Ref. Ares(2015)5011813 - 11/11/2015
Modelling the Impacts of Sugar Quota Options in the CAP post-2013
1. This note sets out the projected impacts on European sugar markets of options
for the EU sugar regime. In particular, the note concentrates on the impacts of
extending the sugar quota regime1 and import provisions.
2. Extending the sugar quota regime beyond 2015 is projected to lead to European
sugar production being 4%-6% lower than it would otherwise have been, and
raise EU sugar prices by 6%-28%, relative to a scenario in which quotas expire.
The results depend crucially on the level of EU sugar imports.
3. The impact of the quota regime itself on European prices is modest compared to
the impact of EU imports. Since the last sugar reform, EU imports have remained
significantly below Commission estimates of around 3.5 million tonnes (MT)
published at the time of the reforms. Importantly, the quota regime exacerbates
the impact on prices from a lower level of EU imports because sugar production
in the EU cannot respond to the higher domestic sugar price brought about by
4. If quotas are extended, adverse price impacts can nevertheless be significantly
mitigated by allowing imports to reach the levels forecasted at the time of the last
5. In any event, prior to quota expiry in 2015
, the current shortage in EU sugar
imports is projected to lead to EU domestic sugar prices being on average 35%
higher than would otherwise be the case.
6. This analysis does not address the economic costs of disruption to food and drink
manufacturing, or production relocation, in response to insecure supplies of sugar
as an ingredient. This issue would benefit from further analysis.
7. The model we have used is the 2012 version of the OECD-FAO Aglink-Cosimo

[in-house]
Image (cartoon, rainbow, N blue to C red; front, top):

model. The 2012 version is the latest available – published in July 2012 – and
contains updated projections for global agricultural commodity prices, including
raw and white sugar.
1 This note makes no attempt to assess changes in the Isoglucose market in any of the scenarios
considered. Latest OECD-FAO baseline projections for the Isoglucose market are used throughout. In
the baseline scenario i.e. sugar quota expiry in 2015, EU production of isoglucose rises from 690,000
tonnes to 845,000 tonnes in 2021.
8. The model projects annual production, consumption, prices and trade for all
major agricultural commodities and regions from 2012-2021. As regards the EU
sugar regime, quotas expire in 2015 in the model’s baseline or reference
9. The Commission used an older version (2010) of the same model in their initial
Impact Assessment of the CAP post-2013 proposals regarding the sugar regime.
As such, they were unable to incorporate the latest developments in both
agricultural commodity prices on world markets and in the EU trade balance
(particularly regarding the low level of sugar imports).
10. The following scenarios were run through the model:
Scenario 1: Projected impacts of extending sugar quotas3 and achieving the level of
sugar imports assumed by the Commission at the time of the last reforms
(‘Commission Import Assumptions’ in the following table).
Scenario 2: Projected impacts of extending sugar quotas and assuming import levels
from ACP/LDC countries remain as experienced in recent years (1.8 MT). (‘Actual
Import Levels’ in the following table).
Scenario 3: Projected impacts of extending sugar quotas and assuming reduced
import levels from ACP/LDC countries (1.1MT). (‘Reduced Import Levels’ in the
11. Results of each scenario are presented in the following table and chart.
Scenario 1: Commission Import
Scenario 2: Actual Import Levels
Reduced Import Levels
All Values Quotas
Maintained change in 2015